On persevering to achieve a dream

compose music

My dream job is to be able to play in a symphony orchestra. Although the competition in Germany is very competitive, I’ll try my best to win an audition.

Lance, sharing his experience studying music in Germany

What’s a typical day in Germany like?

I start my day with a good breakfast. After breakfast, I’ll ride the bicycle to school to practice music. Lunch is usually at the school canteen, and after that, I will continue my practice. In the evenings, I will be home to cook dinner and then chill for the rest of the day. Sometimes, I will watch concerts of symphony orchestras.

How did you become interested in your major?

I was hooked on orchestral music when I was 10 years old. Thanks to John Williams’ amazing music in the movie Star Wars, I’ve decided then and there to pursue music. I started by playing the trumpet in my primary school band, and during high school, I played the trombone.

Why did you choose to study abroad?

As an adventurous musician, I have always wanted to travel abroad to experience the different faces of music. 12 years of studying music in Malaysia is enough. It’s sad as Malaysia’s music education hasn’t mature.

How’s your academic journey to Germany like?

After I graduated from a Chinese independent school in Malaysia, I started my Bachelor studies at Soochow University in Taiwan. Then I took a one year break to build up my connections in Malaysia before I continue my Master’s degree in Germany.

Why did you choose a German university over another European one?

In general, German universities (and Hochschule) provide free educations. This makes studying in Germany relatively cheaper than many other countries. I would say that it’s worth the money even when compared to Taiwan or Malaysia.

More importantly, Germany is the birthplace of many notable composers in music history and also host to many international music events.

What do you like about German education?

In general, students here know when to study and when to relax. They know what they’re doing, and what they want to do. I like this student environment, and I find that I have a more balanced lifestyle here.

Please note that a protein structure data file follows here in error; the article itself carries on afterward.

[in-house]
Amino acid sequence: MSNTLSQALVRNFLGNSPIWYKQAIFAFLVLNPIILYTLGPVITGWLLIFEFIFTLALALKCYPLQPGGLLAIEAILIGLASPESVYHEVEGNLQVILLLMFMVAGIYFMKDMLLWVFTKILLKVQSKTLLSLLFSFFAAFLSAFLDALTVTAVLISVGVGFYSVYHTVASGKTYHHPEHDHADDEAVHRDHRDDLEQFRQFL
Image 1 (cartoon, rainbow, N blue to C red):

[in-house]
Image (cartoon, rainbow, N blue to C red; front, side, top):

The younger generation in Malaysia is spoon-fed a lot. I find many of the subjects in school to be unnecessary.

How will you compare German and Malaysian education?

Every field in Germany is respected and students are free to pursue the career of their choice. In Germany, education is very hands-on. Students will have to do at least one semester of internship to practice what they have learned. The given tasks are always related to their studies. Best of all, the internship allowance covers the living expenses.

What can you say about students in Germany?

They are more independent and they respect everyone. My classmates and instructors made me feel welcomed too.

How did you get used to the German lifestyle?

I try my best to adapt to the local lifestyle. For example, Germans prefer bread while Malaysians love having rice with curry or noodles as breakfast.

What major challenges did you face to be able to fit your new lifestyle?

As I missed Malaysian food, I learned to cook my own meals. That is time-consuming. As a result, I learn to better manage my time. Having said that, I do enjoy cooking.

How do you manage your monthly budget in Germany?

Budget-wise, Germany is student-friendly. There are student prices for museums and concerts, and that’s a big saving!

What are your future plans?

My dream job is to be able to play in a symphony orchestra. Although the competition in Germany is very competitive, I’ll try my best to win an audition. Even now while I’m studying, I have been going for auditions with orchestras in this region.

10 years from now, I can see myself helping to develop Malaysia’s music scene. We’re really lacking when it comes to music and culture.